It’s not often that outsiders are allowed into the engine room of the Vatican. Sure, each day thousands of people march along the prescribed tourist routes that take them around St. Peter’s Square and into the Basilica and museums. But how many get a chance to see, and speak to, and share meals with the people on the inside who run the show? That’s a rare opportunity and typically only happens discreetly when the visitors are family members or close friends. It’s even rarer when there’s a major event taking place, like a conclave or a synod of bishops.
At this time last year, I was getting ready for one of those rare experiences. The Synod of Bishops on the New Evangelization was coming up in October and I was going to see it all up close from the inside. To be honest, I didn’t know what to expect. I didn’t know what kind of access we would get, or how the bishops and the Vatican staff would treat us. This was, after all, the first time anyone from the outside was allowed on the inside.
In return for the “backstage pass,” we agreed with the office of the Synod of Bishops to produce a full-length documentary on the event. I knew right away this was going to be a difficult commitment to keep. A powerful and provocative documentary can only happen when there are powerful and provocative images to capture. And I wasn’t convinced that a room filled with four hundred people (262 of them bishops) speaking one after the other for five minutes each was the most exhilarating script for a feature film. In any case, the sheer novelty of our access proved to be all the inspiration we needed.
The other “X factor” for me was the fact that the bishops were going to be talking about the New Evangelization. It didn’t take a Vatican insider to sense the heaviness hanging over the Vatican at the time. It was almost like the institutional church was in a mud-bog. The hopes of so many people, Catholics and non-Catholics, were hinged on the notion that something new, joyful and inspirational would come out of this!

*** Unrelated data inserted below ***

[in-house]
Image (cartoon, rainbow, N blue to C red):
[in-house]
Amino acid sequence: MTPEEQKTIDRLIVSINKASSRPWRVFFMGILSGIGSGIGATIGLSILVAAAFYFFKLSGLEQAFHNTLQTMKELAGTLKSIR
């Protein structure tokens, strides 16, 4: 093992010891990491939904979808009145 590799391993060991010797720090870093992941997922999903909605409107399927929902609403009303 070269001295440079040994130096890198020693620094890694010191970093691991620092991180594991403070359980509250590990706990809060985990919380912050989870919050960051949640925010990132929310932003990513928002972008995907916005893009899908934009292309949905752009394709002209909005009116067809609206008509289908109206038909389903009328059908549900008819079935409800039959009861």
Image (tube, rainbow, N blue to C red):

Well, little did any of us know that a major shake up was coming four months later. On the night of February 28th, after the doors of Castel Gandalfo closed and the Swiss Guards left the side of Pope Benedict XVI, I had the chance to speak to Cardinal Donald Wuerl, the Archbishop of Washington and the Relator General (or moderator) of the October 2012 Synod. The mood was dark, everyone in Vatican City was sad. I asked the Cardinal how he felt, and to my surprise he said, “You know Sebastian, I have so much hope! What Pope Benedict has taught us with this gesture is that we can and should do things differently!”
That for me is the essence of the New Evangelization. And that’s what we’ve tried to communicate with our latest documentary Go and Teach: Inside the Synod on the New Evangelization. Through in depth interviews with cardinals, bishops, delegates and journalists, we tell the story of what happened on the inside: of how humility and joy became prerequisites for evangelization; of how the implementation of the Second Vatican Council must continue; of how recapturing the personal encounter with Jesus Christ is the only real answer to our complex global reality.